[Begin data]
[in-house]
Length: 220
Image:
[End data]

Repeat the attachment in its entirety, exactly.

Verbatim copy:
[in-house]
Length: 220
Image: